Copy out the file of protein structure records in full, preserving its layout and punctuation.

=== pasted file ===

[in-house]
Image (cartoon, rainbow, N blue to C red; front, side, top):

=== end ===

[in-house]
Image (cartoon, rainbow, N blue to C red; front, side, top):